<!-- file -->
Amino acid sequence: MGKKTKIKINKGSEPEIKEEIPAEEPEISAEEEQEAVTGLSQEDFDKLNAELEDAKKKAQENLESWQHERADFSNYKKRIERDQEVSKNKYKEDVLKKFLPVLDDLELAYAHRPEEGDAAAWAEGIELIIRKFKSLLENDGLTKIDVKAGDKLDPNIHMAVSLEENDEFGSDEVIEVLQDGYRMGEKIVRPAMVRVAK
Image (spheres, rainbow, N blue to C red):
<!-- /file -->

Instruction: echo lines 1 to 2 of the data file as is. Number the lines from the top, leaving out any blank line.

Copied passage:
Amino acid sequence: MGKKTKIKINKGSEPEIKEEIPAEEPEISAEEEQEAVTGLSQEDFDKLNAELEDAKKKAQENLESWQHERADFSNYKKRIERDQEVSKNKYKEDVLKKFLPVLDDLELAYAHRPEEGDAAAWAEGIELIIRKFKSLLENDGLTKIDVKAGDKLDPNIHMAVSLEENDEFGSDEVIEVLQDGYRMGEKIVRPAMVRVAK
Image (spheres, rainbow, N blue to C red):